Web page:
I have found 三桐花 variously translated as paulownia, the phoenix tree or the tung tree.  It may be the tree that in Japan is called kiri. Kiri is often used in furniture in Japan and there is a romantic story as to why it is: when someone had a baby girl, they would plant one of these trees in the yard. By the time the girl had grown up and was about to be married, the tree was big enough to make most of the furniture for the newlyweds, which is what the father of the bride would do. 

Daddy and Kaylen with Tung trees in the background:


The tall straight trees grow in the mountains in Taiwan around Hsinchu, and Sanhsia and Tucheng, among other places. In the spring the tree tops are full of white blossoms that look a little like apple blossoms, only bigger. You can see the flowers as you drive past the wooded hillsides, but once you get into the forest you can’t really see the flowers until they fall down. Then the ground and stream beds are covered with white blossoms. People here call this phenomenon “Spring Snow”.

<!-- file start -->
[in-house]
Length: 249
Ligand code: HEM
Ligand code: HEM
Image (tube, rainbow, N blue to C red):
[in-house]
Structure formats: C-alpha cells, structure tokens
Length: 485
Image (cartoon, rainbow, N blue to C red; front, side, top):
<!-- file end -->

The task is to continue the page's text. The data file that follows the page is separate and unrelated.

We went with some friends to see the Spring Snow a couple weeks ago. We found a trail to walk on in Da-hsi. The blossoms weren’t at their peak but it was still a nice outing. The trees themselves are really nice – towering straight, smooth trunks that are pale green. As I said, I am not sure if this is the same tree, but the tung tree is where tung oil comes from, the oil that my mom used to use when she was refinishing some piece of furniture she found at a garage sale. (You rub in several coats and it protects the wood and gives it a bit of a shine, but not as shiny as varnish.)


It was a hot, humid day on the trail, and not a breath of wind – plenty more of that ahead of us! The girls had a great time collecting blossoms, putting them in their hair, arranging them on the ground.

Kaylen with 三桐花 and a cute yellow something:

Kaylen and flowers 

Kaylen and Eevie collecting blossoms:


A floral arrangement: